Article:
Thursday 17 September 1998
A HANDY equation for Hollywood comedies: the degree to which an apparently irredeemable character exhibits non-PC sentiments in the opening reel is invariably in direct proportion to the sentimental claptrap said character will be spouting come the end of the popcorn. And so it goes with Jack Nicholson's foul-mouthed, obsessive-compulsive novelist, Melvin Udall. He can't stand his homosexual artist neighbour, Simon (Greg Kinnear), dines out with sterilised cutlery, and demands to be served by the same waitress, Carol (Helen Hunt) each time he visits his favourite restaurant.
Udall's belligerent tirades are lent a degree of comic force by Nicholson's typically showy performance, but the rest of the screenplay works overtime to atone for Udall's misanthropy. Carol, as a single mother burdened with an ill child, is saved from a ghastly canonisation only by Helen Hunt's excellent performance, while Simon seems to function solely as a second gauge by which to judge Udall's prejudices. Against this background, the developing relationship between Melvin and Carol may be inevitable, but it's no less ludicrous
In the Company of Men (18), available to rent from next Wednesday
WHAT IS really disturbing about Neil Labute's black comedy isn't the viciousness of its male protagonists' project - Chad and Howard plan to destroy a woman to avenge what they perceive as female treachery in the bedroom and the boardroom - but the mundanity that Labute divines in their actions. Ball-busting Chad (Aaron Eckhart) and timid Howard (Matt Malloy) bitch and brag their way around their almost exclusively male office, indulging in the kind of macho posturing that finds its apotheosis in their plans for Christine (Stacy Edwards), a vulnerable, deaf temp. Chad and Howard plan to romance her simultaneously and then dump her after six weeks.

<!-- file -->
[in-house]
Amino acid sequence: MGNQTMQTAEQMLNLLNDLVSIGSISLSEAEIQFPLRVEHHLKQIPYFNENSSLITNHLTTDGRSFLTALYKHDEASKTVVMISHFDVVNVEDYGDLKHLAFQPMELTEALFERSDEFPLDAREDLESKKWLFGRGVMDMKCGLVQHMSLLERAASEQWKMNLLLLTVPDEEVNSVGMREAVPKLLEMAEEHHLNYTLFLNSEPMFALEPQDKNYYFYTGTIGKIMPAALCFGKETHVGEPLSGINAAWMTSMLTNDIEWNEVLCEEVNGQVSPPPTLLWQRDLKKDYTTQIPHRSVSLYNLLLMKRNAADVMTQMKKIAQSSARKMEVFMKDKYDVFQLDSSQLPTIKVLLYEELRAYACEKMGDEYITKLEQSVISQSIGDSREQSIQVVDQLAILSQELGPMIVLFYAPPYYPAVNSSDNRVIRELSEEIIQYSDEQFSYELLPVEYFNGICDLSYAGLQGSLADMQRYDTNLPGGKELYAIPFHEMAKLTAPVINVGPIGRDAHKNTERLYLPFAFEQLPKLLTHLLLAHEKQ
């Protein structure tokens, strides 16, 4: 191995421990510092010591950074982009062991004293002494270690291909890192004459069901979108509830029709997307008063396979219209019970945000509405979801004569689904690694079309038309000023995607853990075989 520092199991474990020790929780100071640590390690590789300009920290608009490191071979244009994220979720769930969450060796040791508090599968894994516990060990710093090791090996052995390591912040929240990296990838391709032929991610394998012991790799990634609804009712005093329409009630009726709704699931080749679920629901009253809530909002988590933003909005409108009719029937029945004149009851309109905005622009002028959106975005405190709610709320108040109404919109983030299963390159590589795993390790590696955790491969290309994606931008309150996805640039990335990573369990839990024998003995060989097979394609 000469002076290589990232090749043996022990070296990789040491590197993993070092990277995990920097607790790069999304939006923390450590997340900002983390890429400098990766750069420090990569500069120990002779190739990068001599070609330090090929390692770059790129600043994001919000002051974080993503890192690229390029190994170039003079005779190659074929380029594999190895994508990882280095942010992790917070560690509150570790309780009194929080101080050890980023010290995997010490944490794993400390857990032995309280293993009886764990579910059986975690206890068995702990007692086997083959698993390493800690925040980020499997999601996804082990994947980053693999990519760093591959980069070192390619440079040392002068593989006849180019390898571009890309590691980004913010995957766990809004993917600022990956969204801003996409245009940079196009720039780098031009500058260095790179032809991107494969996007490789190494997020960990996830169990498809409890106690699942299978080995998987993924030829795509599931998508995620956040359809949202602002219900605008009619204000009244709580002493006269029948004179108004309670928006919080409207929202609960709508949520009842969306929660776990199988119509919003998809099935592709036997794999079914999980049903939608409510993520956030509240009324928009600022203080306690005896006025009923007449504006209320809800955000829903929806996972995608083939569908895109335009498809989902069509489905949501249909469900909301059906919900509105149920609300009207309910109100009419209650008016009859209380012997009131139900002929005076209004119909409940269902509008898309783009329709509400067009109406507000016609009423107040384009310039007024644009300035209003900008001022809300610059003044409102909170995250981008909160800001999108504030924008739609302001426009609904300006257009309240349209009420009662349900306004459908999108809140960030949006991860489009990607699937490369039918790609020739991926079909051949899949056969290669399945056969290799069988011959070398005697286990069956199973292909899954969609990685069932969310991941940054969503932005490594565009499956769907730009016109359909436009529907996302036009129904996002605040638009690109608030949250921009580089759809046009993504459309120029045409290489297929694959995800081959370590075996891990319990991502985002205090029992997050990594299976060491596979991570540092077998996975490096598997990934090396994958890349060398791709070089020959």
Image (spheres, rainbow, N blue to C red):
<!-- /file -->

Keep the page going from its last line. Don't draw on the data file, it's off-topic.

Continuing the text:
Labute's coup, though, is to approach this nasty menage a trois in the manner of an anthropological study. The director breaks his own screenplay up into six acts, punctuating each with a burst of thunderous drums. The alpha male, common office variety, is ruthlessly satirised, yet the universal quality of the screenplay - we don't know anyone's surnames or which town we're in - is a reminder that conversations not unlike these are taking place at a photocopier near you. If there is a weakness, Christine's character, benign and idealised, is something of a cipher - only at the conclusion does the film consider her isolation from her suitors.
Jackie Brown (18), available to rent from Monday
IT'S UNLIKELY that you'll find posters for Tarantino's latest feature adorning student bedrooms in the way those for Reservoir Dogs and Pulp Fiction have for most of this decade. In fact, apart from the continuing attention given to slick dialogue, a wonderful soundtrack and narrative sleight-of-hand, Jackie Brown feels like the director's attempt to escape his own legacy.
Adapted from Elmore Leonard's Rum Punch, the film centres on the attempts of the eponymous 44-year-old air stewardess (Pam Grier) to fleece the gun-runner (Samuel L Jackson) for whom she moonlights, and the police, who have coerced her into informing on her boss. Her accomplice is fiftysomething bail bondsmen, Max Cherry (Robert Forster), and it's a nice irony that, like the last chance middle-aged Max and Jackie seize, B-movie regulars Grier and Forster make the most of their lead roles. While handling the tension of the sting well, Tarantino reveals a sensitivity for character that has always distinguished Leonard's books but which has been absent from the director's work. Jackie Brown's minor figures - Bridget Fonda's fading surf chick in particular - justify the trip to the video store alone.
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